A Song Shall Lead (and Annoy) Them: “Let It Go” from Frozen

frozen
THE SONG “LET IT GO” gives me chills. There I said it. Many of my peers loathe this internationally beloved tune, so I anticipate blowback from my admission. But I am taking the song’s advice, and so should they: Let it go, ya’ll. Bring it. That song is a force, and attention must be paid, props must be given in the face of scorn. Someone whose age is not in the single digits must rise to it. That person is me.

“Whoa,” say my friends with small kids. “If ‘Let It Go’ were on an endless loop in your home, and your car, you would actually hate the song with a teeth-gnashing passion as we do.” Maybe. But I’ll say no. I will, however, allow: my introduction to the song may color my feelings.

Once a week, I play music at a preschool. I love this gig, which restoreth my soul. I teach three-and-four-year-olds tunes both ancient and new-ish, we make stuff up, and most of them dance with endlessly entertaining abandon. Last year, out of the blue, a shy three-year-old non-dancer named Abigail, from whom I’d heard little since we’d met, asked if she could sing a song. Surprised, I said sure, and she proceeded to sing all of “Let It Go.” About twenty digital-age tots stood rapt. That is no small thing. “Let It Go” not only mesmerized the room, it uncorked something in Abigail. She came out of her shell. No longer a wee wallflower, she now sings and flings her little body around the room, dancing with her peers and pretending to be a cat or a butterfly. When she grows, these will likely be among her first memories.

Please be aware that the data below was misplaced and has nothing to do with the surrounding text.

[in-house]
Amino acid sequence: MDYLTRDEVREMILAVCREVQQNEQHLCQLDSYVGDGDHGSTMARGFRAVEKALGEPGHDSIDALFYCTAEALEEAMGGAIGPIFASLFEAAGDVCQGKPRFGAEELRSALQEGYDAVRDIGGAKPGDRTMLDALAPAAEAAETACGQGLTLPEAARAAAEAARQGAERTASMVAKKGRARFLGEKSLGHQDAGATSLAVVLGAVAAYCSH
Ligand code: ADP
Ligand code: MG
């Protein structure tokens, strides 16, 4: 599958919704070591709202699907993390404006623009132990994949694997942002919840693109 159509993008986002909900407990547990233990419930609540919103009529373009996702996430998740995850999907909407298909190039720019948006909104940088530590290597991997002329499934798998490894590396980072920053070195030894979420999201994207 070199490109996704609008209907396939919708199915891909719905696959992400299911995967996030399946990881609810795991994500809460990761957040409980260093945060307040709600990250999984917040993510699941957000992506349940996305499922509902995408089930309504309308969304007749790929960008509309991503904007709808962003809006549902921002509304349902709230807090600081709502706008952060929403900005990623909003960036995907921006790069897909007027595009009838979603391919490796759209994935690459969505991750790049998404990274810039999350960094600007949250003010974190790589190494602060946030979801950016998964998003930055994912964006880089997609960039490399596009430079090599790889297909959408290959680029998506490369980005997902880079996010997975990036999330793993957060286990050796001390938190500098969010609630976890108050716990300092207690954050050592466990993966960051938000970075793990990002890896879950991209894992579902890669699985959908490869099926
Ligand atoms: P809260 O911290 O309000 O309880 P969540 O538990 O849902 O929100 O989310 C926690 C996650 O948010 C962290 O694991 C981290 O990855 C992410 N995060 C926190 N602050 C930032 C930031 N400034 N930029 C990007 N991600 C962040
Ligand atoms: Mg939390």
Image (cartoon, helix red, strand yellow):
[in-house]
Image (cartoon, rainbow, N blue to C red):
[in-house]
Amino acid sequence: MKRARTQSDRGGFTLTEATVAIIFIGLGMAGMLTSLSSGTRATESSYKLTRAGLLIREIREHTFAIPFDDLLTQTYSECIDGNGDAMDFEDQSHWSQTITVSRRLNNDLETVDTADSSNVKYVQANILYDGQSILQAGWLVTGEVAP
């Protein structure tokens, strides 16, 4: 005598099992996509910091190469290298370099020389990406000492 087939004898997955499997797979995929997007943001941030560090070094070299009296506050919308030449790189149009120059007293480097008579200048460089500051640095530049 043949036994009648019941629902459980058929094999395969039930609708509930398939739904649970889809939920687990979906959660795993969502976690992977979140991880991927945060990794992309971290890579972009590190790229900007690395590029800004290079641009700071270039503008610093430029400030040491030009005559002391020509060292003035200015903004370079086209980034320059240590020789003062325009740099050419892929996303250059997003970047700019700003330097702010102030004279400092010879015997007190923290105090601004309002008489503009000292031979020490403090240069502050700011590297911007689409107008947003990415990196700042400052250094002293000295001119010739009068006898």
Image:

That was my first exposure to “Let It Go.” My son is several years out of the go-see-every-Pixar/DreamWorks-animated-feature widow, so it took awhile to see Frozen. When we finally did last Autumn, I thought, “It’s OK.” (It’s no Toy Story 2, Wall-E, or Incredibles.) I dig the “I don’t need no Prince Charming to make me whole” message, the sister-power angle, and yeah, Olaf the Snowman is hilarious, but “Let It Go” is Frozen’s mojo, the reason it has raked in $1 billion and become the most financially successful animated movie ever.

Turns out, the song, did, indeed, heavily influence the fraught production of Frozen. Since the 30s, Disney had been trying to bring a version of Hans Christian Andersen’s dark, beautiful The Snow Queen to the screen. Frozen was the latest iteration, though it barely resembled the original fairy tale. When husband-wife songwriting team Kristen Anderson-Lopez and Robert Lopez (genius behind The Book Of Mormon and Avenue Q) came on board, Frozen featured two orphaned princesses, but they differed quite a lot from what they would become: Anna was the beautiful, naive “good girl,” and Elsa, her blue, spiteful, punky-haired sister who wreaks havoc on the kingdom with dastardly snowmen accomplices. It was an adventure tale, with Anna the hero, Elsa the villain.